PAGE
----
Ride-Away's goal: ‘delight and amaze our customers’
Ride-Away's goal: ‘delight and amaze our customers’
It’s not every business that receives hundreds upon hundreds of unsolicited testimonial letters from satisfied customers. But then Ride-Away Handicap Equipment Corp. of Londonderry isn’t your normal business, and Mark Lore isn’t your typical CEO.
“One of the things we teach here is that customer satisfaction isn’t enough. What we strive to do is delight and amaze our customers,” Lore said of his 100 employees who work not only in New Hampshire but in Maine, Vermont, Massachusetts and Maryland -- with plans to open more offices in Virginia.
The “delight and amaze” ethos is one Lore brought to the job when he bought the struggling company in 1986. “It had always been my goal to do something special in my career -- to create a business that was a financial success and to do something good that makes a real difference in people’s lives,” he said.
Lore started out with an unfocused and under-capitalized company of two employees and has nurtured its growth into the nation’s leading modifier of vehicles for people with disabilities. Ride-Away’s sales have grown from $250,000 in 1986 to more than $30 million in 2003; its vehicles can be found in more than 20 states and 15 countries throughout the world. Notable Ride-Away clients include actor Christopher Reeve and former Boston University hockey player Travis Roy.
“I used to be a one-man show, and in many ways I was the role model for everyone,” said Lore about his and Ride-Away’s journey. “Today we are better off because I’m surrounded by people who outwork and outthink me.”
The hard work and smarts have combined to create a one-stop shop for customers who can work out everything from picking a vehicle to financing. Employee turnover, Lore said, is almost non-existent -- and beyond work, two-thirds of Ride-Away workers are involved with non-profit organizations. “We give time and money and pay our employees to be involved because we’ve seen and experienced how much a difference these efforts make in people’s lives.”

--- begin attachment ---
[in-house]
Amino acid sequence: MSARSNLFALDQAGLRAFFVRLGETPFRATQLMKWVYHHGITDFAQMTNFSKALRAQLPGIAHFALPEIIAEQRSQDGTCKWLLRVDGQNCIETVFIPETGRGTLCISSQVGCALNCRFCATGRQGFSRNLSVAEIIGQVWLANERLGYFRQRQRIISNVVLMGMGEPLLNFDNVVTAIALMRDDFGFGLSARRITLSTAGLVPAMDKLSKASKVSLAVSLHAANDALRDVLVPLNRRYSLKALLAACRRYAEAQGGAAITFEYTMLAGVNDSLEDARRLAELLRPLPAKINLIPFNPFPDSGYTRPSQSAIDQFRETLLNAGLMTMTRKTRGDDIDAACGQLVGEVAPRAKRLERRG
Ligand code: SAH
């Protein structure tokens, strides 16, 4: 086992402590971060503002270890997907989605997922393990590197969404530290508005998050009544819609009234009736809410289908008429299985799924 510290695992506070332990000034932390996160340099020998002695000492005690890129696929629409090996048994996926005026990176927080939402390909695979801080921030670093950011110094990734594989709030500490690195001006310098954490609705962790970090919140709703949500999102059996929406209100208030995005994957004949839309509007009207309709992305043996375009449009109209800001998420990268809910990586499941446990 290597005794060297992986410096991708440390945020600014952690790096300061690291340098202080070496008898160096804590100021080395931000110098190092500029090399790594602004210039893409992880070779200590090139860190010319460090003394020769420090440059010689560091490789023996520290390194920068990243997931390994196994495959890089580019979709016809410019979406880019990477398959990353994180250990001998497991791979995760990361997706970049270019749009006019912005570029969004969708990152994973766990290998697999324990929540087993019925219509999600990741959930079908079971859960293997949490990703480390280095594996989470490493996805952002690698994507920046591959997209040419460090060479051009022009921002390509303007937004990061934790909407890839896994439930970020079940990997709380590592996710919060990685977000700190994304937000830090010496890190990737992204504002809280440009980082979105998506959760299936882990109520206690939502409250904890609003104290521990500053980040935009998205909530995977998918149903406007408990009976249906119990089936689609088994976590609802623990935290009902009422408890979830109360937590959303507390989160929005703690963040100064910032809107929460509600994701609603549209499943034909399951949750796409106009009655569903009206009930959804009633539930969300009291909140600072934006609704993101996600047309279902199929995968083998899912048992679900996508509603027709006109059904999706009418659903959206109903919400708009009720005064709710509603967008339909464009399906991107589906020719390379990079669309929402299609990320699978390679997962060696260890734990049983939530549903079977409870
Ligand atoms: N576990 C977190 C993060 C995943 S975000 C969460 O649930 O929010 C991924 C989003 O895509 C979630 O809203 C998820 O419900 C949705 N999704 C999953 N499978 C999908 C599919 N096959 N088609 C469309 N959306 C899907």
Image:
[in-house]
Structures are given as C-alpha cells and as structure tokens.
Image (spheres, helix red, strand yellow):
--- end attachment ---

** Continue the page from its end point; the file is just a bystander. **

Ride-Away’s 40 technicians modify vehicles of all types - prices range from about $1,000 up to $80,000 -- and these modifications can be as basic as installing lowered floors for wheelchair access to the most sophisticated high-tech gear imaginable.
As he gave a tour of Ride-Away’s new 30,000-square-foot facility at the industrial park near the Manchester Airport, Lore explains how joysticks and voice recognition software can provide such necessary controls for gas, brakes, steering, turn signals and windshield wipers. But while Lore admitted that “technology is the sexy part of our business,” it’s the human element that make it remarkable.
One of the new vans undergoing modifications includes controls sensitive to shoulder gestures. The $52,000 Dodge van is for Janet Zeller of Dunbarton, a quadriplegic and a national program director for U.S. Forest Service, who says these modified, incredibly complex vehicles are nothing less than a “freedom machine” for her.
Zeller is partial to Ride -- she worked as one of the company’s first salespeople back when it was struggling in the late 1980s. But, she said, Ride-Away treats her and every customer the same - providing “amazing” service with an attention to custom detail such as “magic wiring” that continues to surprise her.